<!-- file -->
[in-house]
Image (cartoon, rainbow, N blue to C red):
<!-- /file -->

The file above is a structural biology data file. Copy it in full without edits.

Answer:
[in-house]
Image (cartoon, rainbow, N blue to C red):